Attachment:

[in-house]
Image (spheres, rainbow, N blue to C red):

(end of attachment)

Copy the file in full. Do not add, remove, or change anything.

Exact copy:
[in-house]
Image (spheres, rainbow, N blue to C red):